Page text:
But here, the turn away from practical intelligence has translated itself into ignorance on a large and dangerous scale. She has been looking at the power the easy vulnerability of our power generation and transmission systems to disruption by malevolent actors. It seems as if, exclusively occupied with abstractions, we are blissfully ignorant of any danger. She is therefore  trying to bring our actual state of vulnerability to the attention of those who are in charge of these systems and bring about some concrete remedies.

Grandin is not proposing that concrete thinking should displace abstract thinking. Her point, rather, was that the two modes of thought are incomplete in themselves and must complement each other, both in our individual lives, in education, and in the social value we assign to them.

Berry, too, in the end, is proposing a rebalancing. He has written in his rich body of essays, for the need of our industry to follow the model of good work and accountability that his farmers lived by. His criticisms are based on his firm assertion that the love we say we want is based not on abstractions but on the way we harness ourselves to relate to the very concrete things we love. Love is of the particular, lifting it out of particularity into universal meaningfulness, but with the devotion, passion, and focus that mere abstractions cannot by nature provide.

Back in Berry’s story, it is 2015, and old Andy Catlett hasn’t the physical strength to do a fencing job. He hires some workers, whose work is slipshod and who leave the wreckage of the old fence carelessly scattered, leaving behind as well enough other damage to the field. Berry writes of Andy’s growing anger:

He was cursing them in his thoughts for their ignorance, idiocy, laziness, violence, and haste. He saw that wherever there had been a choice, they had preferred the easiest way to the right way.… He reminded himself that there had been a time when he had known hired hand, black and white, who had never possessed a square foot of their own land, who out of the common sense of their culture and upbringing would have recognized the badness of this work for what it was, and would have resented it.

This strikes a chord for anyone who has been fortunate enough to have some sense that there are right ways of doing things and that we are accountable for acting accordingly. It speaks to the depths of our loss in the fact that such the idea of any “right way” is considered contemptible or even dangerous by many of the loudest and most forceful voices in our country today, voices with large representation in our schools, our corporate management, and the halls of government officials, both elected and unelected.

Berry does not leave us without hope. He has Andy Catlett hire a young local college student, a talented musician but who is taken with the land, to help him fix the mess. Catlett works with him and sees him able and willing to be instructed.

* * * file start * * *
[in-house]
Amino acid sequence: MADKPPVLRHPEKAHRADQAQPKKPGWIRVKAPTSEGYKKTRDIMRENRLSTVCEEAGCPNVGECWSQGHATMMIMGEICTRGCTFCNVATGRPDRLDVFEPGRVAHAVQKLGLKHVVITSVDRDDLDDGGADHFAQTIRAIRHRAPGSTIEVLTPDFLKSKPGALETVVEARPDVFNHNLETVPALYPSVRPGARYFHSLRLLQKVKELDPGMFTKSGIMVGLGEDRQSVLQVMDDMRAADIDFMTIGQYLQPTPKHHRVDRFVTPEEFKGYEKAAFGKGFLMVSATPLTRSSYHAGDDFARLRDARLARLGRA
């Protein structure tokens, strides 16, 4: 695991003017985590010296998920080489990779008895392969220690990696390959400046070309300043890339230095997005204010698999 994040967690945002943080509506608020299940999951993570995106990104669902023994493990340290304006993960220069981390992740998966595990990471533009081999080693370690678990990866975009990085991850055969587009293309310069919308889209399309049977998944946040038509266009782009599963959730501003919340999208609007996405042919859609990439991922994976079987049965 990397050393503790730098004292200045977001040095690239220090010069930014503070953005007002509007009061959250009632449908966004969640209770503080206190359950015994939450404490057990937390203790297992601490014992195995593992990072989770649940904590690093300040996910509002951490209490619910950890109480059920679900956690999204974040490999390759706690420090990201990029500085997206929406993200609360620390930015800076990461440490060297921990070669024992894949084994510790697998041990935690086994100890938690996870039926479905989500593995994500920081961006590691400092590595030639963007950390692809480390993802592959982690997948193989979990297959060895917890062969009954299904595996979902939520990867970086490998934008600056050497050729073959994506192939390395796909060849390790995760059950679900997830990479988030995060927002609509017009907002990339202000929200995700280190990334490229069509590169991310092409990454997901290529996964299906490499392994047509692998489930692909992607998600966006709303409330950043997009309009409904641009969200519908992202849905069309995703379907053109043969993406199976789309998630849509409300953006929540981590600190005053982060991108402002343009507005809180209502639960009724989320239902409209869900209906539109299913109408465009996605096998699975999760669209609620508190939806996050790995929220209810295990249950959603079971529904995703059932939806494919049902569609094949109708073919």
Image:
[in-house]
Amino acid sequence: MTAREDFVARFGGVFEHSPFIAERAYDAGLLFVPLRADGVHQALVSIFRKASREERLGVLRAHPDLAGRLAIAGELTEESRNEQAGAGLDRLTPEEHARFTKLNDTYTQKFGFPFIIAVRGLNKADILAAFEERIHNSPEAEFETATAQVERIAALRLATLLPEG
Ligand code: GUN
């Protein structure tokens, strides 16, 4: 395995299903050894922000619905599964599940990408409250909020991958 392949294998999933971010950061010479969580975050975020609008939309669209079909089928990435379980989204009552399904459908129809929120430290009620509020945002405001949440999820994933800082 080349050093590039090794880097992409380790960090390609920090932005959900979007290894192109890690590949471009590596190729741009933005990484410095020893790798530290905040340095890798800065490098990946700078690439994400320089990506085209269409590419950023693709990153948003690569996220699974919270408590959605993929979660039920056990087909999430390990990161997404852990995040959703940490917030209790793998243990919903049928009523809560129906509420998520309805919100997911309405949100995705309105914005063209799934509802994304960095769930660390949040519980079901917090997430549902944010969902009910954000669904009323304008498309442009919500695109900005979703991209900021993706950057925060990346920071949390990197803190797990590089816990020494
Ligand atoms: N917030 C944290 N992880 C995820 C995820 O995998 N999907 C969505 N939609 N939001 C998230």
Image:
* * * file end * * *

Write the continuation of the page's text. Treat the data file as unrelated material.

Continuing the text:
Catlett and the young man are loading up the brush that the other workers had scattered about, and Andy corrects the young man when he took little care in how he loaded the brush onto the wagon that would take it away.

“Now,” he said, “we are practicing the art of loading brush. It is a fundamental art. An indispensable art. Now I know all about your ‘fine arts,’ your music and literature and all that — I’ve been to school too — and I’m telling you they’re optional. The art of loading brush is not optional…

“If the art of loading brush dies out, the art of making music will finally die out too. You tell your professors, when you go back, that you met an old provincial man, a leftover, who told you: No high culture without low culture, and when low culture is scarcest it is the highest. Tell ’em that. And then tell me what they say.”

There is here a workable match of abstraction and concretion, the varied intelligences that only together make an adequate humanity. There is no way not to feel the loss of the sense of a right way, which is both immensely complex and stunningly simple. Complex, since it relates to things as they are and not as we think convenient, things in their full individuality, living just as they do in the smallest detail. Simple, since in the end, we either choose the good work, or, God forbid, add to the ruin of whatever good work remains.

Berry ends this one story with Catlett looking appreciatively at the good work he and the young man wound up doing.

About as far as could be done in Andy’s lifetime, they had undone the bad work of the fencers. Maybe they had helped a little the healing of the hurt world. And he was proud of the boy.

Each of us in our different labors owes our families, our country, and our world no less. There is more than enough bad work to undo. But it can be done. Good work can be taught. And we can leave behind people who know the difference, of whom we can be proud.

We should do no less.